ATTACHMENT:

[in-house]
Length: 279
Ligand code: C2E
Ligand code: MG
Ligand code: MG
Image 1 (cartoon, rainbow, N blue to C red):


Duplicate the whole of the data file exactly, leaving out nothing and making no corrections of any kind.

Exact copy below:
[in-house]
Length: 279
Ligand code: C2E
Ligand code: MG
Ligand code: MG
Image 1 (cartoon, rainbow, N blue to C red):